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Glyphosate use must be curbed, but prohibition may have adverse effect…

WUR researchers Violette Geissen and Pieter de Wolf stress that the environmental risks of using chemical pesticides must be reduced as much as possible. However, whether the available alternatives are better for humans, the environment, soil life and the climate is highly uncertain. This was made clear by the scientific reflections sent to the House of Representatives.

Violette Geissen

Geissen and De Wolf participate in the round table dialogue in the House at the behest of the Ministry of Agriculture, Nature and Food Quality (Dutch acronym LNV) in response to the European Committee’s proposal to extend the approval for glyphosate with another ten years. EU member states must decide whether they support the proposal in the coming months.

Wageningen University & Research (WUR) conducts much field research on how to make agriculture more sustainable. Moreover, WUR researchers join hands with colleagues from various fields to curb the use of glyphosate and other pesticides. In response to the question of whether or not the substance should be permitted into Europe, the LNV House of Representatives committee has initiated a round table dialogue to inventory the various societal opinions. Geissen and De Wolf have been asked to discuss glyphosate from an environmental and agricultural perspective.

Risks for humans and the environment

Glyphosate use negatively impacts ecosystems, including aquatic and soil life. There are also indications that the substance poses a health risk for humans, which have not been included in the assessment of the substance. It may, for example, cause changes in behaviour and in the intestinal microbiome. ‘Studies have shown that glyphosate is omnipresent in the ecosystem and the human body. Exposure through the environment matches the exposure resulting from ingestion’, says Violette Geissen. She is a professor of soil degradation and land use at Wageningen University. She coordinates the transdisciplinary European SPRINT research project that studies the dispersion and effects of pesticides.

Pieter de Wolf

Geissen has doubts about the EFSA (European Food Safety Authority) risk assessment. ‘The EFSA has failed to include the precautionary principle in its risk assessment. Key exposure routes and risks, such as the dispersion of glyphosate and its most stable degradation product AMPA through the atmosphere and house dust, were not included in the considerations.’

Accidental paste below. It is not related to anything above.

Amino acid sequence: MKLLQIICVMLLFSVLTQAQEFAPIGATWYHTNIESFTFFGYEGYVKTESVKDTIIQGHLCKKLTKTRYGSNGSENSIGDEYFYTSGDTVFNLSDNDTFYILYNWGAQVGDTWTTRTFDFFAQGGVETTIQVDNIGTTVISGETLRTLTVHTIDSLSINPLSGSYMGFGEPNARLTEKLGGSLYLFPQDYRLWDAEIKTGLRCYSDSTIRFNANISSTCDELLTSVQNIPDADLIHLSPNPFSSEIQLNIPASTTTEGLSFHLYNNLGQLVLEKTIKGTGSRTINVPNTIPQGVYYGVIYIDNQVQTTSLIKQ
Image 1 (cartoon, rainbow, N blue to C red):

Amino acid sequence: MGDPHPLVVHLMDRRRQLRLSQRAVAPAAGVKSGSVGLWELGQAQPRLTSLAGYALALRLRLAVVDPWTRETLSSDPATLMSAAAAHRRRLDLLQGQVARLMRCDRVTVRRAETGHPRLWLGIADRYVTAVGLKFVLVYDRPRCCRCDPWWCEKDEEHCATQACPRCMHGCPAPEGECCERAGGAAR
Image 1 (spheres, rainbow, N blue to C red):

The Wageningen experts underscore the need to curb the use of glyphosate. At the same time, some colleagues fear that completely banning the substance in the near future may not be an improvement for farmers. Crop farmers will likely switch to existing chemical alternatives, which are less effective and will therefore be used more intensively. Many of these alternatives are not necessarily better for humans or the environment. Furthermore, many currently available non-chemical options (ploughing, for example) have adverse effects on soil life and efforts to mitigate climate change.

Location and plant-specific approach

″We must prevent achieving the precise opposite of what we want to achieve, which is a reduction in the use of substances″, says Pieter de Wolf, a senior field researcher and project leader of the Farm of the Future, a WUR project in Lelystad aiming to help farmers make their business more sustainable. ″We do not exclude the use of glyphosate and other pesticides at the Farm of the Future. But we only use them if there is no proper alternative. We prefer to opt for a location or plant-specific approach using substances with the lowest possible impact on the environment. We aim for the lowest possible emissions. This approach significantly reduces the use of pesticides and thus of the environmental risks, although there are annual differences.″

Technology must be developed further

De Wolf and his colleagues thus state that if we really want to significantly reduce the use of herbicides such as glyphosate, a focus on precise location-specific, and, even better, plant-specific, application is most effective. At the same time, they say that the required technology for this approach is insufficiently well-developed nor extensively available for farmers.

″This calls for additional efforts in developing and applying technology capable of identifying and treating weeds and groundkeepers among crops using cameras, sensors and Artificial Intelligence. Non-chemical methods -mechanical, thermic, electric and optic- also merit further development and testing. A key consideration in these alternatives is the energy they require and how they impact the soil.″

Source:  Wageningen University & Research

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